The aim of this study was to investigate impact of metabolic syndrome (MS) on outcomes of catheter ablation in patients with atrial fibrillation (AF) in terms of recurrence and quality of life (QoL).
MS, a proinflammatory state with hypertension, diabetes, dyslipidemia, and obesity, is presumed to be a close associate of AF.
In this prospective study, 1,496 consecutive patients with AF undergoing first ablation (29% with paroxysmal AF, 26% with persistent AF, and 45% with long-standing persistent AF) were classified into those with MS (group 1; n = 485) and those without MS (group 2; n = 1,011). Patients were followed for recurrence and QoL. The Medical Outcomes Study SF-36 Health Survey was used to assess QoL at baseline and 12 month after ablation.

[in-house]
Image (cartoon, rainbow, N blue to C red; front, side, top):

After 21 ± 7 months of follow-up, 189 patients in group 1 (39%) and 319 in group 2 (32%) had arrhythmia recurrence (p = 0.005). When stratified by AF type, patients with nonparoxysmal AF in group 1 failed more frequently compared with those in group 2 (150 [46%] vs. 257 [35%], p = 0.002); no difference existed in the subgroup with paroxysmal AF (39 [25%] vs. 62 [22%], p = 0.295). Group 1 patients had significantly lower baseline scores on all SF-36 Health Survey subscales. At follow-up, both mental component summary (Δ5.7 ± 2.5, p < 0.001) and physical component summary (Δ9.1 ± 3.7, p < 0.001) scores improved in group 1, whereas only mental component summary scores (Δ4.6 ± 2.8, p = 0.036) were improved in group 2. In the subgroup with nonparoxysmal AF, MS, sex, C-reactive protein ≥0.9 mg/dl, and white blood cell count were independent predictors of recurrence.
Baseline inflammatory markers and the presence of MS predicted higher recurrence after single-catheter ablation only in patients with nonparoxysmal AF. Additionally, significant improvements in QoL were observed in the post-ablation MS population.